Mr Oosterman was seen to take the garbage out to the street. Each Wednesday he tries to remember this chore. The bins get collected early Thursday mornings. He knew it was noticed when the gauze see-through-curtains at Nr two moved slightly. Those curtains are seen as an enormous advantage by many; when outside activity can be observed from behind the safety of the inside, but not so much the activity inside from the dangerous outside. Even so, one has to be happy that one gets noticed, even more so taking the garbage out. The red lidded one for household rubbish, mainly sturdy plastic food encasements, almost needing a hack-saw to open. The yellow lidded, for recycled stuff, such as bottles and milk cartons with the occasional broken plate or an odd sock and local newspaper ( Highland Times.)
Of course, the reverse takes place on Thursdays, taking the empty bins back to their resting place adjacent to the garage, again waiting expectantly for something new to be thrown into their gaping lids. The garage now has the timber beams levy glued to the concrete drive-way with the liquid nails from Bunnings. All the levy needs now, is a solid deluge to prove it is working. Mr Oosterman (at Nr three) is waiting for that, but behind an un-gauzed window. His fearless countenance can clearly be seen!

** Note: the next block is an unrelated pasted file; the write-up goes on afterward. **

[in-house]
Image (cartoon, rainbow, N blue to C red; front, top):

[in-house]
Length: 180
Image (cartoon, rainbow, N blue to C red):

I have noticed that people seem to be very loath in actually showing interest in each other at those communal compounds. It might also be, a reluctance to be seen sticky-beaking. It is something he really loves doing. I often speculate about people’s personages by looking at discarded shopping lists in the trolleys of no returns, discarded at super-markets corals or festooning the nature strips, and envisages the persona having made that list. Of course, leaving trolleys at nature strips or near telegraph poles tells volumes of the people. Not much mystery to ponder about these.
Another method is of course, looking over the fence and see what might be behind it. What garden do they have? Camellias are a bit of a downer as far as he is concerned. Obsession with lawns spins him easily into clear-sighted despair. On the other hand, wind-blown leaves recklessly spinning around a garden, leaves him speechless with joy, almost giving a standing ovation in front of the garden. Oh, trees and simple daisies with fading geraniums and dragonflies, hovering. Of course, a washing line can reveal a lot as well. But, this will be left for other times. (There is a lot there!)
Is he a bit intolerant, given to wild conclusions and prejudices?